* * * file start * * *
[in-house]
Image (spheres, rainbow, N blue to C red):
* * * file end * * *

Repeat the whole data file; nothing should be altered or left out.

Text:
[in-house]
Image (spheres, rainbow, N blue to C red):